Accreditation Process Continues With School Visit


The Accrediting Commission for Schools, Western Association of Schools and Colleges (WASC ACS) evaluated the school to complete their six-year evaluation cycle from Sunday, March 3 to Wednesday, March 6. To properly get a sense of the school, the WASC visiting committee, consisting of teachers administrators and the WASC chair from different parts of California, visited the school. The committee assessed the school’s classroom and campus environments by interviewing the staff, students and parents and observing campus life.

“There’s a committee of six people…and they basically come to confirm and gather further evidence that what we wrote in our self study is valid and accurate,” Assistant Principal Galen Rosenberg said. “The process includes spending three days visiting classrooms and meeting with different groups of staff, parents and students…And based on that, they determine what our accreditation term will be.”

Over the course of its visit, the committee compiled a list of school-wide strengths and critical areas for focus. These strengths and areas for focus were revealed to the school’s staff in the WASC committee’s final report presentation in the Eagle Theater shortly after school on Wednesday, March 6.

The WASC committee ultimately described the school as a learning institution with exceptional strengths in academic achievement and campus environment. The committee identified the school’s diligent and devoted staff as crucial to the school’s commendable level of accomplishment.

The committee also established three critical areas for focus that it felt was crucial for the school to continue to develop and improve on. Areas of focus for the school include continuing the alignment of school curriculum, ensuring that all learners of English receive the necessary instruction to become proficient in English and the bettering the use of data to improve instruction.

On top of providing the school with recommendations, the WASC evaluation also validates the school by giving value to the diplomas that the school issues to graduating seniors every year. This is important as colleges take into consideration the reputation of the applicant’s school.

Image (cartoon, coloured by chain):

“We have to be accredited or [student] diplomas don’t have the certification that they need for you to go to college,” Rosenberg said. “It’s absolutely essential.”

WASC visits also give the school’s entire staff the opportunity to self-evaluate and improve the school in a variety of ways by assisting the school in isolating priority areas for improvement. From this process of self-evaluation, a thorough self-study report of the school is made.

“Many schools treat this accreditation process as a bureaucratic necessity that they do periodically to get accreditation,” Rosenberg said. “But for the last 12, maybe even 18 years, we’ve used WASC as an organizing purpose for school improvement. The way we see it, the action plan that’s a part of the accreditation self-study are things that are going to make this school better in six years.”

The school’s six-year action plan has five focuses, each geared toward improving a different aspect of the school. The focuses include improving class alignment and grading policies, building a sense of community among the school’s students, bettering student achievement, establishing a better sense of communal responsibility and accountability and upgrading the school’s technology. Teachers, administrators, staff, students and parents have all worked on the action plan, which the school submitted to the WASC committee.

“We’ve been meeting to prepare the reports and the action plan that will guide us for the next six years…those are parts of the plan that we will submit to them,” social studies teacher Derek Miyahara said.

The action plan was not the only document that the school had to prepare. The paperwork that the school submitted also consisted of summaries of what the school has achieved since WASC’s last visit, focus group reports and data collected from surveys completed by students and parents and self-studies that the school has done to reflect on its development and improvement as a learning institution.

In addition to the action plan, the committee considered its observations during its visit to assess the school.

“It’s a wonderful school,” WASC Chair Sue Brothers said. “You have a tremendous school culture, incredibly high student achievement, huge UC A-G college going rate. The resources here and the things that you guys do are incredible…The strengths of this school are just huge.”